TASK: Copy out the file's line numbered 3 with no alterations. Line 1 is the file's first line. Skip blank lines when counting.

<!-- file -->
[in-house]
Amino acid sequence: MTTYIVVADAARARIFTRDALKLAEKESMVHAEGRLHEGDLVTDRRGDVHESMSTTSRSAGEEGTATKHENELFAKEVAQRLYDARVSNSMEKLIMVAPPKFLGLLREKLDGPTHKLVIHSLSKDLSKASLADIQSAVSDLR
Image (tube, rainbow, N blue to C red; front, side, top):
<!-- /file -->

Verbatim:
Image (tube, rainbow, N blue to C red; front, side, top):